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# 41: 11-12-12

Romans 9:6-13
Paul has begun to make his case to the brethren in Rome that God is not finished with the nation Israel.
Paul does not base his case on his feelings for his kindred though his heart is filled with love for his
nation. Nor does Paul base his case on the circumstances hardly! as wherever Paul has gone, the vast
majority of the Jews have rejected the gospel message. We will see that Paul bases his case squarely on the
word of God and on God Himself, who will always be true to His word to fulfill it.
Last week, Paul began with a review of the privileges of the nation Israel to have been chosen by the
LORD above every other nation to be the head nation; to have the presence of the LORD, dwelling right in
their midst; to have been given the Law of Moses, revealing Gods righteous requirements of men, and the
way to be made righteous through the Coming Christ all, designed to lead them to salvation.
And God had made specific promises to the nation of Israel to bless them both materially and spiritually
the blessings of life, that they might really live their inheritance of Life everlasting.
But all of those privileges and promises and blessings are rooted in the One who is their Life, their
salvation their Messiah, Jesus. And in the nations rejection of Jesus, the privileges and the promises that
God has intended for them, that He has planned and purposed for them, have not been received.
This would tend to raise a question in the mind of Pauls listeners does this mean that God wont fulfill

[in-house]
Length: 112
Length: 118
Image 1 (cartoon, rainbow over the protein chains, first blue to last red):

His word? That He has changed His mind? As Paul continues to make his case, he will show that nothing
could be further from the truth.
I want to remind you, before we continue reading, that it is essential in this part of Pauls letter to
understand who he is talking about, in each section and verse. Remember that throughout the next three
chapters, Paul regularly uses the term Israel to refer to the collective nation, and Jew to refer to
individuals.
[Read Romans 9:6-13]
Notice that Paul is continuing to speak of the nation of Israel collectively here, not of the Jews as
individuals. In verse 6, Paul begins to explain that the word of God to the nation Israel has in no way
failed. Then in the remainder of the passage, Paul uses the word of God to show that the failure is not on
Gods part, to fulfill His word. The failure is on mans part, to understand God and His word.
Paul uses OT Scripture to show that it is God who always chooses for His purpose of salvation; God